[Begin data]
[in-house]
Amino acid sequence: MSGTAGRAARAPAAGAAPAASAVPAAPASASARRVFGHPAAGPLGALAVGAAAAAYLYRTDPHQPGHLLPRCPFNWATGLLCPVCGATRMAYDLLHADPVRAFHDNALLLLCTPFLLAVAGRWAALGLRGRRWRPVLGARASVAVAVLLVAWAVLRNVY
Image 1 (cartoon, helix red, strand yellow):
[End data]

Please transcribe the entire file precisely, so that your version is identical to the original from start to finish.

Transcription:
[in-house]
Amino acid sequence: MSGTAGRAARAPAAGAAPAASAVPAAPASASARRVFGHPAAGPLGALAVGAAAAAYLYRTDPHQPGHLLPRCPFNWATGLLCPVCGATRMAYDLLHADPVRAFHDNALLLLCTPFLLAVAGRWAALGLRGRRWRPVLGARASVAVAVLLVAWAVLRNVY
Image 1 (cartoon, helix red, strand yellow):